Every Wednesday, I hope to find a new ‘weed’ to investigate. My only criterion will be that I will not have deliberately planted the subject of our inquiry. Who knows what we will find…..
Dear Readers, I have always loved cyclamen – there is something about the way that the petals stream ‘backwards’ that remind me of the wings of a bird as it lands. At this time of year you can see lots of naturalised cyclamen in hedgerows, parks and other dryish places (the photos this week were taken in my Aunt Hilary’s Somerset garden). The plants have been showing their cherry-blossom flowers in the UK since 1597(they are originally from the area around the Mediterranean), and have been here long enough to acquire a vernacular name – ‘Sowbread’. There are variations on this name in several of the European countries from which the plant came: ‘pain de porceau’ in France, for example – and this is presumably because the pigs ate the tubers when they were rooting in the woods in autumn.
At first glance, it’s difficult to imagine what plant family cyclamen belong to, but if you look into to the lower part of the flower, where the stamens are, you’ll see that it looks rather like the middle of a primrose. And this is the family to which cyclamen has finally been allocated, after a brief flirtation with the Myrtles, a most unlikely place for this plant to end up. Genetics has solved a lot of strange taxonomical anomalies: when I was growing up, giant pandas and red pandas were placed in a family together, even though they shared few obvious similarities. What a relief when geneticists discovered that giant pandas were exactly what they looked like – bears – and popped them back with the rest of the family. Though I imagine it made no difference whatsoever to the pandas, who just carried on munching the bamboo.
There are 23 species of cyclamen in total, but the one that is naturalised in the UK is Cyclamen hederifolium. One reason that the plant is so valuable in a garden is its very late flowering: the leaves and flowers die back completely during the spring and summer (probably a mechanism for avoiding the worst of the Mediterranean heat) and then reappear, almost miraculously, in the autumn. The leaves themselves are exquisite, heart-shaped and patterned in cobweb-white and the palest of green, and the species name ‘hederifolium’ means ‘like the leaves of the ivy’. I can see the resemblance. ‘Cyclamen’, incidentally, comes from the Greek word for ‘circle’. Many sources rather prosaically mention that this is because the tubers are round, but I wonder if it is because of the way that cyclamen appear, flower and disappear in a circle of life. As they can be remarkably long-lived plants (up to a hundred years) I wonder if they seemed both mysterious and eternal.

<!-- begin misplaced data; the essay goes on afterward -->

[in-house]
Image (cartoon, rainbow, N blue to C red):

The tubers of cyclamen were used in a variety of ways. In ‘A Modern Herbal’, it is suggested that a tincture of the root, applied as a liniment, would cause ‘purging of the bowels’ (so stand well back!) Juice from the root is said to be poisonous to fish, and an ointment made from the tuber is said to expel worms. All in all, the action of the plant seems to have been about getting various things out of the body which shouldn’t be there.
Given that the root of cyclamen has such purgative qualities, and that it also contains saponin, a most unpleasant-tasting chemical, I was surprised and pleased to find that there is one recipe which uses cyclamen leaves rather as vine leaves are used in dolmades in Greece. The History of Greek food website is a great source of information on the uses of many of the foods of this area, and for a Fava Stuffed Cyclamen Leaves recipe, just click here.
From Sue Eland’s ‘Plant Lives’ website I learn that, in the language of flowers, cyclamen is said to represent voluptuousness, diffidence and goodbye, a rather difficult combination to carry off I would have thought. A small cake made from the plant and baked will cause paroxysms of love in whoever eats it. The plant is said to offer protection from the ‘evil eye’ (and its close relative, Cyclamen persica, has been a house plant for centuries), but if a pregnant woman stepped over a cyclamen it was believed to cause miscarriage. If it appears in your dreams, it is a sign of calamity. All in all, it appears that you never know where you are with a cyclamen.
When I was in Hilary’s garden, I should have hunkered down and had a sniff of the cyclamen, for the pink ones, at least, are said to have a sweet scent. Here is Walter Savage Landor (1775 – 1864) on the cyclamen:
‘Thou Cyclamen of crumpled horn
Toss not thy head aside;
Repose it where the loves were born
In that warm dell abide.
Whatever flowers, on mountain, field,
Or garden, may arise,
Thine only that pure odor yield
Which never can suffice.
Emblem of her I’ve loved so long,
Go, carry her this little song. ‘
As you might expect, the unusual form of the cyclamen made it a favourite with still life painters, such as the remarkable Ambrosius Bosschaert the Elder, who worked in the Netherlands during the 17th Century.
However, they have also inspired more recent painters. Koloman Moser, whose painting is below, was a member of the Viennese Secessionists, a group that included Klimt. The plant was to be a big influence in Art Nouveau generally, with its love of the natural world and the exotic. And I can see why people were influenced to record the fleeting beauty of cyclamen. To see those flowers, poised as if to take flight, amongst the fallen leaves of autumn is to experience a brief moment of wonder.
Images of paintings in Public Domain. All other photos copyright Vivienne Palmer. Free to use and share non-commercially, but please attribute and link back to the blog, thank you!